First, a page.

At last a lady shouted ‘just round the corner onto the grass then it’s the finish’ and it was, all of a sudden I could see the finishers funnel, big cheers from the spectators spurred me on to a sub 2 hour finish which I was really pleased with. Medal around my neck and goody bag in my hand I joined Marie to cheer the others in.

One by one they came round the corner, smiling, tired and sweaty but triumphant that we had all completed this tough challenge.

Fantastic event, well organised except the free for all at the race finish water point where people were taking 2 and 3 bottles without a though for other competitors, the coffee was rubbish too and no beer tent!

But, I will be signing up next year, for the P Company TAB Challenge…….

(Visited 45 times, 1 visits today)

Summer Fan Dance Race, Brecon Beacons, Saturday, July 5, 2014

24km

Kerry Lister

So, after cheering my hubby on in January at the Avalance Endurance Events Winter Fan Dance, he and his friend booked for the summer one. Unfortunately The friend got a bad back following the Durham Coast Half Marathon a few weeks back, and as it was so near the event, no money back or deferral til next time, there was, however, an opportunity to transfer the place for the sum of £10. Weellllll, I had done Swaledale, Penshaw, Roseberry Topping, Round Sheffield and a couple of other half marathons so surely I’d be ok for ‘a gruelling 24km non-navigational race over two sides of Pen Y Fan, the highest mountain in the Brecon Beacons. This infamous route has long been a part of SAS (Special Air Service) and SBS (Special Boat Service) Selection and is considered the yardstick of a candidate’s potential to perform well on Test Week and ultimately pass the Special Forces Selection programme.’ taken from the website.

Kerry at the start ...

Took the option to go ‘clean fatigue’ or non load carrying to the uninitiated. Rob went for the load bearing option (as expected). Borrowing Denise’s fell shoes and waterproof jacket, off we went on the 6 hour drive to Brecon.

As we approached Rob kept pointing out very high points on the landscape. Not sure if he was trying to scare me or prepare me. anyhow we arrived safe and sound, settled into our hotel and set the alarm for 615am.

The morning came around and in silence we prepared separately for our upcoming challenges. The weather looked okay, the tops were shrouded in mist and the weather forecasts said 20/30% chance of precipitation. Not bad odds really.

At the red phone box of the Storey Arms 830am came and the rufty tufty load bearers had their briefing from former SAS fella Ken Jones and off they went . I had another hour to wait til my set off time so, as you do, started chatting to anyone around me. The folks at the Fan Dance are a good bunch of people, unpretentious, all ‘bricking it’. Finally 930am arrived, we had our briefing, well the folks at the front did, at the back ( my natural place) we couldn’t hear, however, me being me I forget instructions very quickly so probably funny miss much.

... and Kerry at the finish.

Off we went, the sun started coming out, the first hill was long, the first 2 miles were all climb, too much for me to run, and in fairness I didn’t see much running at this point, I did however start overtaking people and eventually found my pace with a lovely lady called Sue (who had suffered a back problem, had surgery and found a new love of all things fitness) and her nephew Ashley ( who was training to run 6 marathons in 6 days for charity). I managed a little jog at the bottom of the summit (if that makes sense) of Pen Y Fan and left them behind for a short while, and reached the summit (886 m) in about an hour. Considering the climb I was well pleased with that, and of course had to have my photo opportunity.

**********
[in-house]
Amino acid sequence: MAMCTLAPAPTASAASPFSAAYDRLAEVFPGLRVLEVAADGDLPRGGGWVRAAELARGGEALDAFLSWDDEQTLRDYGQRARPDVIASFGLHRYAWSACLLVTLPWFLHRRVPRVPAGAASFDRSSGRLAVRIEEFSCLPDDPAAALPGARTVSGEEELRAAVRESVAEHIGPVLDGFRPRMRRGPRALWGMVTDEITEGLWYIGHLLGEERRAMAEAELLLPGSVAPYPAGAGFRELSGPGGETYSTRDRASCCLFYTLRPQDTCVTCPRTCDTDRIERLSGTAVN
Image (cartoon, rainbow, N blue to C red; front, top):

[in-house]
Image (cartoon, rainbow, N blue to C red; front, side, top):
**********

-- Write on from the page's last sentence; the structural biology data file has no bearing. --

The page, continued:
Off we went again, to Jacobs Ladder, well all we saw was a precipice, fortunately there was someone who knew what he was doing to show us the way, imagine Roseberry Topping on steroids on top of another mountain and that’s Pen Y Fan and Jacobs Ladder.

Once down there we hit the Roman Road, the main challenge here being not breaking an ankle or face planting (again). Plenty of ‘well dones’ and ‘keep goings’, eventually passed Rob on the return journey with his bumbag full of burst gels and massive blisters on both his feet.

Just after mile 7 was RV2 also known as the turnaround point, good glug of water and some flapjack for the return journey, a quick check by the DS that I was fit to continue and off the three if us went again, a bit of a jog here and there as terrain allowed then there it was. The monster that is Jacobs Ladder – part 2. Bigger and uglier than going down was going up. Load bearers were struggling to stay upright and keep moving, it was long, very long then that little steep scramble at the end to reach the Pen Y Fan summit for the second time. Now we knew from here it really was all downhill, well apart from the little up hill bit. 4 hours passed, which means we did not managed to complete the course in the time required for SAS selection, secretly we were all pleased about this as we didn’t really want to join the SAS anyway.

With the thought of collecting our patch and enjoying the promised hog roast we practically skipped the last stretch, seeing the red phone box of the Storey Arms and Rob standing there we knew our journey was complete, we had done it!

With Hugs and handshakes from everyone we had encouraged, passed, hi fived and raced we made our way back to the car for a well deserved bath and Fan Dance Race beer. The photo with the patch and the red phone box – 2 icons of the Fan Dance Race experience, had been taken.

Was it a challenge? For sure. Would I do it again? Absolutely. Will I do it with a full load next time? Probably.

(Visited 61 times, 1 visits today)